“The Auditor General has made official what everyone in tourism knew, the Strategic Tourism Assets Protection Programme didn’t just have an awkward made-up name, it was dodgy all the way through,” says ACT Leader David Seymour....
“The Auditor General has made official what everyone in tourism knew, the Strategic Tourism Assets Protection Programme didn’t just have an awkward made-up name, it was dodgy all the way through,” says ACT Leader David Seymour.
“ACT has received widespread reports from the tourism sector that there was no rhyme nor reason to who got STAPP grants and who didn’t. The Auditor General’s report is a doozy, saying that the conditions for getting a grant were unclear and nobody checked the information applicants provided while handing out $290 million of taxpayer money.
“The Auditor General also accuses the Government of blatant racism, saying that all Māori Tourism businesses that applied were given money, but non-Māori businesses had to score at least 15/30 points in an assessment.
“The scheme is euphemistically described as ‘high trust’ and the Auditor General goes on to say that ‘Criteria needed to be clear and provide enough guidance so tourism businesses applying for funding could self-assess whether they met the criteria and whether it was worthwhile applying. One key criterion was that tourism businesses applying for funding had to have “exhausted all other avenues of support”. What this meant in practice was unclear.’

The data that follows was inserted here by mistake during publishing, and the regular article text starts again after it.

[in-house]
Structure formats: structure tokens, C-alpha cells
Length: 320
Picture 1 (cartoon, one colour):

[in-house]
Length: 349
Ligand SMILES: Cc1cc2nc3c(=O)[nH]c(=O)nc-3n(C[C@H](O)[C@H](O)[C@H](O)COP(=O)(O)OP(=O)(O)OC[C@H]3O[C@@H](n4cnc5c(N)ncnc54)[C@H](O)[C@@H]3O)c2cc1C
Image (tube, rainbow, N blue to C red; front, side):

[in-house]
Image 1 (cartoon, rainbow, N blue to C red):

“It turns out that when applicants did self-assess, no effort was made to validate their information, despite half a million dollars of taxpayer money being given to each one. ‘No inquiries were made about tourism businesses’ equity position or parent company resources.’
“Failing to check whether businesses were profitable meant that profitable parent companies collected millions through their subsidiaries. ‘The Tourism Recovery Ministers did give funding to tourism businesses with profitable parent companies, including two parent companies that received funding of $31.2 million and $30 million respectively for their subsidiary tourism businesses.’
“Most damning is the criticism of Tourism Minister Stuart Nash. He made decisions without records, rhyme nor reason, with hundreds of millions of dollars of taxpayer money. ‘We saw limited evidence explaining the reasons for the decisions. Without those records, those who have made the decisions are not able to adequately explain why funding was provided.’
“Stuart Nash has some serious explaining to do.”